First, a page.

I typically set my pagination limit to 50 on the homepage. While experiencing, researching, and finding this post on the limit resetting when changing pages (which happens intermittently for me at 50), I noticed another odd and related behavior:

When the limit is set to 15 or 30 and already on the last page, switching to a higher limit has the effect of returning no search results instead of reloading the last N results given the new pagination limit.

That's a miss

Sorry, that filter combination has no results. Please try different criteria.

Seems like the current page number is being applied before the new limit, so the change to a higher limit is always beyond the boundaries of the result set.

To reproduce:

  1. Navigate to the homepage
  2. Set "per page" to 15 or 30
  3. Navigate to the last page (7 if set to 15)
  4. Switch the "per page" to 50.
  5. No results returned "That's a miss" message

Expected behavior:

Something gets returned when changing the limit from the last page. My expectation would be the last full page of results for the new limit if available, or even the last page of results at the old limit if requerying is costly or impractical.

  • +1. More specifically, I'd expect the new view after the page size change to show the same first item as the old view before the change, or as close to that as rounding allows. Commented Jan 4, 2016 at 10:52
  • I would expect, on going to a page later than what exists, would be that it just redirects to the actual last page - whether or not the limit is different than a previous request disregarded.
    – Vivian
    Commented Aug 31, 2016 at 20:47

1 Answer 1


I agree that this is a UI bug: a properly implemented pager should never send the user to a page that it knows is outside the valid range of page numbers.

The "old navigation" works somewhat better in this regard: it simply always sends the user back to the first page when the page size is changed. Still, a more reasonable behavior IMO would be for the pager to actually maintain the user's position in the list, at least as accurately as it can.

For an example of what I'd consider "a properly implemented pager", see e.g. Wikipedia's edit history. Instead of a page number, the MediaWiki pager keeps track of the sort key (in this case, the timestamp) of the first item on the page. This allows keeping the first item fixed even if the page size is changed, and also means that adding new items to the front of the list while someone is browsing it won't mess up the pagination. (Not entirely coincidentally, it also makes the back-end SQL queries more efficient than an offset / page number based pagination system would be.)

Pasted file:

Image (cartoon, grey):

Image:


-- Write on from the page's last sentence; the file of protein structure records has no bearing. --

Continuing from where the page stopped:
While the SE pagination system, being based on page numbers, cannot be made as robust as Wikipedia's, it would be desirable to at least try to approximately maintain the user's position on the list. For example, if the user is viewing page 4 at 30 items per page, and decides to switch to just 15 items per page, then they should end up at page 7 or 8 (and thus see the first or last 15 of the 30 items they were previously viewing).

I've included a client-side fix that implements this into my Stack Overflow Unofficial Patch (SOUP) user script. Actually, it's already been there for a while (even in the stable branch since v1.44, released in February 2016), but it seems I never remembered to actually post about it here. Oops.

The actual JS code is a bit ugly, because of various corner cases. Basically, it looks for elements with the page-sizer class name (which is used both in the old and the new pagination system; fortunately, it appears that they're quite similar on the HTML level), finds the page size change buttons within them and tweaks the URLs of those button links to include a page number that points (approximately) to the same position in the list. A fairly large part of the code is devoted to determining the current page number, since that turns out to be one detail that is not consistently exposed in an easily parseable way by the various pager implementations used around SE. I would expect a proper implementation of this feature in the SE codebase to look a lot cleaner and less klugey than the ugly JS hacks I had to use in SOUP.

In any case, the whole kluge seems to work: I've been using it myself for over a year with no problems, and nobody else has reported any, either. The next release of SOUP will contain a slight tweak to the page number rounding algorithm (basically, round the page number down when increasing the page size, round up if decreasing it), but that shouldn't have much noticeable effect. Mostly it should just (somewhat) improve the overlap between the previous and the resized page views in cases where perfect overlap is not possible due to rounding.

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